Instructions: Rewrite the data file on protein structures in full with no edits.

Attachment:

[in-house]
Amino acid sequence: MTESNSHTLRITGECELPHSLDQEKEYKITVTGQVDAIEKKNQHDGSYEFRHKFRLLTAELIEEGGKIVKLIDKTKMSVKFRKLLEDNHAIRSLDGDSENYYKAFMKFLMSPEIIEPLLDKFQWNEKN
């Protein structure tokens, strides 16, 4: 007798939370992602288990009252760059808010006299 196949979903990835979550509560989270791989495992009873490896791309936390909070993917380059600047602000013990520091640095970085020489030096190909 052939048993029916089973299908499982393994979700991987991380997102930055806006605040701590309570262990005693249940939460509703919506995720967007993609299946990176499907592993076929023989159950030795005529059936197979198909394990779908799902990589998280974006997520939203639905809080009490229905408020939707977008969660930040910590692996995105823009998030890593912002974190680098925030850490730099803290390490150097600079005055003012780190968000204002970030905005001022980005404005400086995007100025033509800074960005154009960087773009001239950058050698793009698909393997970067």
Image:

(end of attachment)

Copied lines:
[in-house]
Amino acid sequence: MTESNSHTLRITGECELPHSLDQEKEYKITVTGQVDAIEKKNQHDGSYEFRHKFRLLTAELIEEGGKIVKLIDKTKMSVKFRKLLEDNHAIRSLDGDSENYYKAFMKFLMSPEIIEPLLDKFQWNEKN
């Protein structure tokens, strides 16, 4: 007798939370992602288990009252760059808010006299 196949979903990835979550509560989270791989495992009873490896791309936390909070993917380059600047602000013990520091640095970085020489030096190909 052939048993029916089973299908499982393994979700991987991380997102930055806006605040701590309570262990005693249940939460509703919506995720967007993609299946990176499907592993076929023989159950030795005529059936197979198909394990779908799902990589998280974006997520939203639905809080009490229905408020939707977008969660930040910590692996995105823009998030890593912002974190680098925030850490730099803290390490150097600079005055003012780190968000204002970030905005001022980005404005400086995007100025033509800074960005154009960087773009001239950058050698793009698909393997970067």
Image: